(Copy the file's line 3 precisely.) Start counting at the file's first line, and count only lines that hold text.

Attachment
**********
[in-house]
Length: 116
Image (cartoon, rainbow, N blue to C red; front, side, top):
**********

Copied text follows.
Image (cartoon, rainbow, N blue to C red; front, side, top):